Missouri Governor Jay Nixon (D) speaking at Boys State on the campus of the University of Central Missouri in Warrensburg on Sunday evening.
Missouri Governor Jay Nixon (D) has participated as a keynote speaker at Boys State almost every year since 1993, coinciding with the beginning of his sixteen year tenure as Attorney General. The Governor clearly relishes the freewheeling (yet respectful) atmosphere and the frank give and take of the question and answer session. A case in point, his answer tonight to a question on Arizona’s recently enacted SB 1070:
….Question: …What’s your personal opinion re, regarding the immigration law recently signed by the Governor of the State of Arizona? [crosstalk] Thank you very much.
Governor Jay Nixon (D): Um, Governor Brewer signed two laws. Um, the first one that she signed, uh, I, I have serious problems with. I mean, which, if you’re gonna require people in the United States of America to, to, show their identification papers just because they’re walkin’ around, I mean, in order for them to have the right to walk through, a city square or walk through a park. That you could be stopped and demanded to prove in that setting that, that, that you’re, you know, a citizen or you’re American or whatever. I, I think that is way over the top. I, I, man, oh man, I, I [applause], it, it . [inaudible] We need to think about people working together. We need to increase the number of people of all, we, we, I mean, the Statue of Liberty was given to us by France as a gift because we were the melting pot of the world. I mean, everyone of you, when you talk to your mom or your dad or your grandma or your grandpa, they’ll talk about how they were German or how about they were English or how they were Swiss or Norwegian or whatever. And, and in one or two generations everybody wants to ignore all that, and act like we’re just these, these Americans things. We have great roots all around the world and the future of the economic engine of the world is not gonna be sitting here in, in Henry County in the middle of Missouri bunkered down. We’ve gotta, we gotta join this new world.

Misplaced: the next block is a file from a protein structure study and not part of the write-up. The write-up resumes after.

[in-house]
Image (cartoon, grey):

So, the first piece, um, that, of that law I, I obviously somewhat mildly disagree with. [laughter] Um, [inaudible] they cleaned it up a little bit. I do believe that, that for national security purposes, uh, we need to have secure borders, uh, we need to make sure that we know who’s crossing those borders, and we’re certainly entitled if somebody comes into our country at in particular time, or if someone is here illegally, to, to deal with those issues and, and to, to send those folks back to their country of origin. Um, you know, so , like I say, I think that, that Arizona took a political solution in which they tried to be the toughest in the world that I think crossed a line that’s not a line we should cross in America. I think basic civil rights, basic individual freedom is extremely important and, and, and just because it’s, it’s after one group today doesn’t mean that it’s, it’s not gonna be after another group tomorrow.
I mean, the Constitution is a great document. Probably the best document ever written, but after it was in power, it was in for only a few short years, they figured out they forgot some stuff. So they came back and they did the Bill of Rights and I would just recommend to y’all, you know, politicians run around, hold up the Constitution all the time. Don’t forget to hold up those first, those first ten Bill of Rights, too. The freedom of press, freedom of religion, you know, freedom to counsel, you know freedom to, you know, the freedom to bear arms, I mean, you know, you don’t, you know. [cheers, applause] I think in that first piece Arizona crossed the line….
We’ll write more on Governor Nixon’s opening remarks and other portions of the question and answer session in a subsequent post.